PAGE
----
The thing about weddings (and engagements, and hell, marriage) is that our cultural narrative about them is so strong that even those of us used to bucking the trend and doing things our own way can get pulled down into its vortex. Stacey’s post about waiting for her partner to propose is powerful because she talks about untangling that cultural narrative, freeing herself from it, and then figuring out what’s right for them both. Sometimes I think that learning how to do this during the engagement and wedding planning process is half the point of a wedding… because we need to do it over and over again as we build our families and our marriages.
Last weekend, my wonderful-beyond-measure boyfriend mentioned on a lazy Saturday morning that he’d been thinking about engagement rings. Now, before you get all “omgamazeballsdiamonds” let me say that this isn’t the first time this has happened.
The conversation went like this:
Him: I was thinking about engagement rings.
Me: (With forced nonchalance) What about them?
Him: What kind of ring you’d like, I guess.
Me: Well, I can find some examples of things I like, if you want.*
Him: Okay, sure.
*No, I didn’t have a secret file of engagement ring pictures on my computer somewhere.
Now. This exchange is remarkable for two reasons. Reason one: when the subject of engagement rings was first ever broached between us, he made it very clear that this was his thing, and that under no circumstances did he want my input, or for me to mention that this was a thing that was actually, maybe, happening at some point. That was six months ago.
But I, I, probably like many of you Practical People, am a do-er. If I want something to happen, I make it happen; if I don’t like how something in my life is going, or I’m unhappy, I think about what’s actually not working, and I change it. I’m that girl who in middle school, and high school, and… college rolled her eyes and sighed heavily at her group project members and then made all the pie charts and Powerpoints on her own. I would rather do all the work myself and secure a positive outcome than leave anything up to my team members and thus, chance.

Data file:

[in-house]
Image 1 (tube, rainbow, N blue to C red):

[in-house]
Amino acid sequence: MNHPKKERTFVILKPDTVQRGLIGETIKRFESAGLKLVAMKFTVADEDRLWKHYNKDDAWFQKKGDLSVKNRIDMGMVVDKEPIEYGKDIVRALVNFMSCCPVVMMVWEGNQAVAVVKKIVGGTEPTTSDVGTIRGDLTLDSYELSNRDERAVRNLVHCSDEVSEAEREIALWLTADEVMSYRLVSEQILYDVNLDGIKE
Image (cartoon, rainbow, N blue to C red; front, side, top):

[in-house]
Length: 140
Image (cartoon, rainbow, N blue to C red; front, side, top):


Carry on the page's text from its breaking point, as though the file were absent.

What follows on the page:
So, when my boyfriend told me to stay out of his engagement tree house, I freaked out. I called my mom frantically because “I only wear one pair of earrings, and one necklace! HOW IS HE SUPPOSED TO KNOW WHAT I WANT IN A RING?” but really I was frantic because I couldn’t relinquish that control. So, for several months I quietly freaked out. Reading APW helped. A lot. But still those romantic comedy clichés and societal expectations were hard to weed out of my mind—they set down roots ages ago, and those roots have grown deep and strong.
Finally, one summer morning, on the way home from a funeral, I burst. “There are things I need to talk about,” I said, “and I need you to not treat me like a crazy person.” So I talked. I cited APW articles like Ang’s, which had helped me to understand the craziness I was feeling and realize that it wasn’t just me. And then he talked. And I talked some more. And that opened the floodgates for a lot of conversations.
When we got home he asked me to send him the articles I had been talking about. So I did, and he read them, and we talked about them. We talked about why we wanted to get married. He asked me to send him some more articles.